While annual plants grow once in a year before dying and perennial plants come back every year, Queen Anne’s Lace falls somewhere in the middle. It’s what’s known as a biennial plant.
This means that it spends the first year establishing a good base from which to grow flowers and building up its strength. The second year is when the flowers really grow. After that, it will die, and you’ll have to plant it again if you want the flowers to continue to enhance your garden.
How to Plant Queen Anne’s Lace
You’ll want to begin sowing Queen Anne’s Lace seeds (from Amazon) indoors before the last frost passes. For the best results, start around eight weeks prior. Then, when it’s time, you can take the plant outside.
How to Care for Queen Anne’s Lace
Because it doesn’t require fertilization, Queen Anne’s Lace is considered an extremely low-maintenance plant. For the best results and to keep it growing, you’ll have to water the plant every now and again — but that’s all. When the cold starts to set in, the plant will naturally curl inward, holding its seeds inside like a nest.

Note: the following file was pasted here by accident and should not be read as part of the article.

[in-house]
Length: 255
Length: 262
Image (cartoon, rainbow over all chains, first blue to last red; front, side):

Pest and Diseases
There are a few bugs that might be attracted to your Queen Anne’s Lace, such as mites. You don’t need to worry too much about them; for the most part, this is a robust plant and it take’s a lot to kill it.
However, if you want to keep the bugs away, you can always spray the plant lightly with vegetable oil (on Amazon) and that should help.
If you’re concerned about mice or rats, you can surround the plants with garlic or onion. This is known to be a rodent deterrent.
Is Queen Anne’s Lace Dangerous?
Although it’s often confused with a poisonous plant that looks similar, Queen Anne’s Lace isn’t dangerous to most people.
However, those with certain sensitivities or allergies may come out with rashes and blisters after prolonged contact with Queen Anne’s Lace. It’s best to wear gardening gloves (on Amazon) when dealing with the plant, or make sure beforehand that you don’t have any of these sensitivities.
The leaves may also be poisonous to dogs in large doses. Make sure you keep your pup away or have the plant out of reach, particularly if your dog likes to digest things they shouldn’t. If your dog does digest any of the plant, it’s probably nothing to worry about — but seek medical attention just in case.
Tips for Growing Queen Anne’s Lace
For the best results when growing Queen Anne’s Lace, follow these tips.
Check Local Laws